Artist Collin Parson on new ways of exploring light and why he loves Pirate: Contemporary Art

Categories: Art

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Collin Parson's Reflections explores light in a completely new way for him: by removing it. The artist's past work has used everything from LEDs to phosphorescent paint to explore the power of the glow, but Parson is relying solely on external lighting and mirrored acrylic in his new series. Reflections opens with a reception from 6 to 10 p.m. Friday, March 14 at Pirate: Contemporary Art, where it runs through March 30. In advance of the opening, we spoke to Parson about his new experiment in light, how curation affects his work as an artist, and why he loves Pirate.

See also: 100 Colorado Creatives: Collin Parson

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Westword: This will be your sixth solo exhibition at Pirate. How is this one different from the past five?

Collin Parson: The past five have all incorporated internal lighting of some sort, from fluorescent to primarily color-changing LEDs. But I'm doing it differently for this exhibition, which is what every artist should do. Which is that you take a risk, and that's what Pirate's about. It's scary, putting yourself out there and trying to do something new. I removed all the internal lighting components and I've cut everything out of mirrored acrylic to use exterior lighting to show my intrigue with light and shadows. It's interesting because it kind of throws the perspective back onto the viewer. This is the next step in my continued investigation and love of light. It's a little more subtle this time, and I hope it comes across that way.

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What made you want to stop using internal light and focus on external light?

I would say a lot of it was just pushing myself to see if I could not use internal lighting. It's not that it's a crutch, but that I want to be known as a light artist, but I don't want to be known as the light artist who has to always use light. There are a lot of light artists out there who use the sun, the moon, starlight, glow and the dark stuff, whatever, to get their point across. It was more of a challenge for myself. And that's not to say I won't stop doing my older type of work. A lot of times my work, when someone purchases one of my internally-lit pieces, they say they need a dark space for it and a plug to plug it in. This one, you don't. My goal is to slow the viewer down and really investigate how light interacts with the environment and the work itself.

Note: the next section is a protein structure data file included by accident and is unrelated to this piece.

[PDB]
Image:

What attracts you to working with light?

I got my undergrad and my BFA in theatrical lighting design at Boulder, so I had formal training. But I didn't like theater design because the director always had the ultimate say. As an artist, I'm the director. There's something magical about light. Think of all the Mayan temples and all these buildings that were built to celebrate the solstice or the equinox. That all has to do with light. Our universe is made of light; that's how we know it's out there. It's really intriguing to me. One piece I did is a large installation where I painted these rings with phosphorescent paint so it gets energy from the sun and it glows. I put it out in our field in our property in southern Colorado and it's just very magical to me.

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Tiffany Clendenin
You're also the curator and exhibition manager at the Arvada Center. How does curating affect the way that you create art?

It's my job, unfortunately, to tell artists, "Thanks, but no thanks." So there's a lot of pressure for me to put myself out as an artist because I'm allowing those people to say, "I don't like his art and he chose that person's art?" It really affects me because I think as a curator when I work with the artist I know the emotions, the commitment, the pure energy they put into their art, and I think it helps me understand and makes me put in extra effort to showcase their art the best we can here at the Arvada Center. And it's kind of opened up another world. There's the art administration world and then the artist world. It allows me more resources, more potential partners, more potential future artists to showcase. For Pirate, I think of myself purely as an artist. I don't have to be an administrator there.

Why do you choose to keep showing your work at Pirate?

Pirate's great. The reason Pirate exists is for exhibitions like mine and many of the other artists who show there. It's pushing the boundaries, taking risks. A lot of this work, some of it may work and some of it may not. I'll tweak it in the studio and hopefully have the experience to take it to another institution where it may be more polished. Pirate allows for that risk-taking opportunity. And the history of Pirate is just amazing. I grew up there as a kid; my dad's an artist and he showed at Pirate a couple times.

Any of the major, in my opinion, successful artists in Denver and Colorado I feel like at some point showed at Pirate either as a member or as a guest or as part of a juried exhibition. Current Pirates and former Pirates, we all have something in common. We all understand. So many artists like Monique Crine and Christine Buchsbaum, who are fellow Pirates, continue to show at Pirate and also show at all these great galleries in town as well. I think they continue to show at Pirate because it allows them a testing ground. And that's why when you go see an exhibition there it's exhibitions you would never see anywhere else because of that fact. I love Pirate. It would be a hard day for me to leave Pirate.




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Pirate: Contemporary Art

3655 Navajo St., Denver, CO

Category: General


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